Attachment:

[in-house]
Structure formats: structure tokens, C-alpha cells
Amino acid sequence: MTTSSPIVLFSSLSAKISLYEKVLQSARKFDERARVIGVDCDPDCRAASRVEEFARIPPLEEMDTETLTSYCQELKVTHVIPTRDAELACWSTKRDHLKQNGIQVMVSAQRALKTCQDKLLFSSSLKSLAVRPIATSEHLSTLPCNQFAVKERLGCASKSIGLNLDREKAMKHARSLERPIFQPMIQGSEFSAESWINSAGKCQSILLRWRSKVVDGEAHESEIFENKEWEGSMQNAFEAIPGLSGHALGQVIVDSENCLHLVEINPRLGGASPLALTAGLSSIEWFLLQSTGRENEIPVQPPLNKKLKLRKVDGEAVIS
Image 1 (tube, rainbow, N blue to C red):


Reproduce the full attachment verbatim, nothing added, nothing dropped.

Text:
[in-house]
Structure formats: structure tokens, C-alpha cells
Amino acid sequence: MTTSSPIVLFSSLSAKISLYEKVLQSARKFDERARVIGVDCDPDCRAASRVEEFARIPPLEEMDTETLTSYCQELKVTHVIPTRDAELACWSTKRDHLKQNGIQVMVSAQRALKTCQDKLLFSSSLKSLAVRPIATSEHLSTLPCNQFAVKERLGCASKSIGLNLDREKAMKHARSLERPIFQPMIQGSEFSAESWINSAGKCQSILLRWRSKVVDGEAHESEIFENKEWEGSMQNAFEAIPGLSGHALGQVIVDSENCLHLVEINPRLGGASPLALTAGLSSIEWFLLQSTGRENEIPVQPPLNKKLKLRKVDGEAVIS
Image 1 (tube, rainbow, N blue to C red):